If you’re like me and struggling to keep an indoor plant alive, the thought of growing plants in the moon’s soil seems out of place in this world.
A team of scientists from the University of Florida showed that it can be done, with the successful growth of the plant Arabidopsis thaliana in soil samples collected during Apollo 11, 12 and 17 lunar missions. Arabidopsis thalianaAlso known as thale cardamom, it is a small flowering plant belonging to the Brassicaceae family (which includes mustard, cabbage and radish) and is a valuable plant used in numerous plant experiments.
Plants are essential to our ambitions for extensive space exploration. As model organisms, they provide information on space-related phenomena such as gravity and radiation, but plants also provide essential components for human habitation, such as food, oxygen, water recycling, and carbon sequestration.
While previous alien plant experiments were based on hydroponic plants, this experiment used lunar soil to understand how plants could grow on the Moon’s surface. The researchers also used a sample of a similar composition of a lunar soil simulator from volcanic ash from Earth as a control. The lands of the Apollo mission each had their own characteristics: samples from Apollo 11 were exposed to lunar surfaces for longer than those from the Apollo 12 or 17 missions, as samples were collected from different layers of soil during each mission.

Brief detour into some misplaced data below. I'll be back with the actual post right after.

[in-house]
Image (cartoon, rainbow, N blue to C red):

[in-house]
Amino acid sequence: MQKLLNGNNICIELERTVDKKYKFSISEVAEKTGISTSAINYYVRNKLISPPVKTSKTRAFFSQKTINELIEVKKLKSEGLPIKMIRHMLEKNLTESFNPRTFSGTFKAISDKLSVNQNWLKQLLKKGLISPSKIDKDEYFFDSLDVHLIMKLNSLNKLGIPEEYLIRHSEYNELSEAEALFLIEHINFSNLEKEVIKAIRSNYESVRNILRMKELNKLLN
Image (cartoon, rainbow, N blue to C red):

So how did the moon garden grow?
The results were mixed. All specimens germinated normally 48–60 hours after planting, with lunar seedlings showing normal stems and cotyledons (the first leaves to emerge from the seed). From day six, the researchers found roots in lunar samples compared to volcanic ash plants. From the eighth day the aerial growth (above the ground) became slower and more variable: the lunar plants took longer to grow leaves and also grew smaller leaves compared to the terrestrial controls. Plants grown in Apollo 12 and 17 samples did better than those grown in Apollo 11 soil.
A genetic analysis of less healthy lunar plants found that more than 1,000 stress-related genes were expressed at different levels by volcanic ash plants. Apollo 11 plants also expressed more genes differently than the Apollo 12 and 17 samples. Of these genes, 71% correlated with stress caused by oxygen-containing salts, metals, and reactive molecules. Researchers believe that this may be due to the increased cosmic rays and the solar wind that may have destroyed the lunar soils.
While the plants flourished less, the experiment showed that the lunar soil can support plant life. an important step in our understanding of the Moon. Unfortunately, as of the time of publication, the researchers had no comment on the taste or recipes of moon cress.
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